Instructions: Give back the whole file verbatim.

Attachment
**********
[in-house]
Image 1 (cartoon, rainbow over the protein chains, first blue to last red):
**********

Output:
[in-house]
Image 1 (cartoon, rainbow over the protein chains, first blue to last red):